One of the giants of American journalism now re-creates an unforgettable time-in which the whole world feared extinction. High Noon in the Cold War captures the Cuban Missile Crisis in a new light, from inside the hearts and minds of the famous men who provoked and, in the nick of time, resolved the confrontation.
Using his personal memories of covering the conflict, and gathering evidence from recent records and new scholarship and testimony, Max Frankel corrects widely held misconceptions about the game of “nuclear chicken” played by John Kennedy and Nikita Khrushchev in October 1962, when Soviet missiles were secretly planted in Cuba and aimed at the United States.
High Noon in the Cold War portrays an embattled young American presidentnot jaunty and callow as widely believed, but increasingly calm and statesmanlikeand a Russian ruler who was not only a “wily old peasant” but an insecure belligerent desperate to achieve credibility. Here, too, are forgotten heroes like John McCone, the conservative Republican CIA head whose intuition made him a crucial figure in White House debates.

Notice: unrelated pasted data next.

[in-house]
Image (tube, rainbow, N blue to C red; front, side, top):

In detailing the disastrous miscalculations of the two superpowers (the U.S. thought the Soviets would never deploy missiles to Cuba; the Soviets thought the U.S. would have to acquiesce) and how Kennedy and Khrushchev beat back hotheads in their own councils, this fascinating book re-creates the whole story of the scariest encounter of the Cold War, as told by a master reporter.
From the Hardcover edition.
A former New York Times reporter who was there recalls the dramatic standoff, in 1962, between Russia and the United States over the presence of missiles in Cuba. Max Frankel explains the historical context of the Cuban Missile Crisis, and presents portraits of the key players, including Kennedy, Khrushchev, and the advisors on both sides--some who were prone to confrontation, and some who offered wise and perceptive counsel. Drawing on documents and interviews, Frankel, who later rose to the position of executive editor of the Times, considers just how close the world was to a confrontation that crossed the line. He reveals the actual terms of the resolution, some of which were not known to the general public at the time. The Cuban Missile Crisis was an important episode in the Cold War and was a defining moment in the Kennedy presidency. A New York Times Notable Book for 2004.
- United States / General, Military / Nuclear Warfare, Military / United States
- September 27, 2005
- September 27, 2005
- Max Frankel